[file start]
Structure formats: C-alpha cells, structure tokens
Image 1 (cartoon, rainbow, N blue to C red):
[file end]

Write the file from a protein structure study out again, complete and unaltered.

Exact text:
Structure formats: C-alpha cells, structure tokens
Image 1 (cartoon, rainbow, N blue to C red):